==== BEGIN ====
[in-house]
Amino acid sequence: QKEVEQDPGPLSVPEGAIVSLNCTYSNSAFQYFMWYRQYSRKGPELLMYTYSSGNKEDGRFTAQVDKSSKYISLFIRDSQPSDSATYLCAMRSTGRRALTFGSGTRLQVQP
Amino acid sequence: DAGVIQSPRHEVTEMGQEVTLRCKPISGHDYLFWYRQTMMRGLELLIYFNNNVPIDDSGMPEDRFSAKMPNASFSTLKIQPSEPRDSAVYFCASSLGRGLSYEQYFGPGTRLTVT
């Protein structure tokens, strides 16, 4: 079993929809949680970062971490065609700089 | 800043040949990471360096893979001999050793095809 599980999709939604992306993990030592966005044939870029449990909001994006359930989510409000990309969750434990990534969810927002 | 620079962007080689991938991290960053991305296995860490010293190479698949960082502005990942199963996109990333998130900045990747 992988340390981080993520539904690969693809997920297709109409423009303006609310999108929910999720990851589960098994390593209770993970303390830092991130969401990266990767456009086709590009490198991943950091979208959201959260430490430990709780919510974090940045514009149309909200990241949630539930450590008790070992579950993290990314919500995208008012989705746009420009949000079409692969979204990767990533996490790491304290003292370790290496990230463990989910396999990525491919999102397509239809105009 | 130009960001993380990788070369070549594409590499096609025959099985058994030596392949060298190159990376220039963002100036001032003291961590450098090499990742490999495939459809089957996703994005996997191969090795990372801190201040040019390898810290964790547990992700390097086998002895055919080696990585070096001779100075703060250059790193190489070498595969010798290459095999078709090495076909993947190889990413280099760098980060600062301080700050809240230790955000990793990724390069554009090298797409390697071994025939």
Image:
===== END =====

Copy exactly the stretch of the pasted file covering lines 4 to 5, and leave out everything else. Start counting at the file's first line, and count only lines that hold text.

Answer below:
């Protein structure tokens, strides 16, 4: 079993929809949680970062971490065609700089 | 800043040949990471360096893979001999050793095809 599980999709939604992306993990030592966005044939870029449990909001994006359930989510409000990309969750434990990534969810927002 | 620079962007080689991938991290960053991305296995860490010293190479698949960082502005990942199963996109990333998130900045990747 992988340390981080993520539904690969693809997920297709109409423009303006609310999108929910999720990851589960098994390593209770993970303390830092991130969401990266990767456009086709590009490198991943950091979208959201959260430490430990709780919510974090940045514009149309909200990241949630539930450590008790070992579950993290990314919500995208008012989705746009420009949000079409692969979204990767990533996490790491304290003292370790290496990230463990989910396999990525491919999102397509239809105009 | 130009960001993380990788070369070549594409590499096609025959099985058994030596392949060298190159990376220039963002100036001032003291961590450098090499990742490999495939459809089957996703994005996997191969090795990372801190201040040019390898810290964790547990992700390097086998002895055919080696990585070096001779100075703060250059790193190489070498595969010798290459095999078709090495076909993947190889990413280099760098980060600062301080700050809240230790955000990793990724390069554009090298797409390697071994025939």
Image: